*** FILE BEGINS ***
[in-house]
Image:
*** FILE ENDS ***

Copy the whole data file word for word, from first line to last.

[in-house]
Image: